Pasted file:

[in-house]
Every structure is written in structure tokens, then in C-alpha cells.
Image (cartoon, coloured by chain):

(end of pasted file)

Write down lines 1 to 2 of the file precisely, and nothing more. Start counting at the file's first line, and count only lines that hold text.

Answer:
[in-house]
Every structure is written in structure tokens, then in C-alpha cells.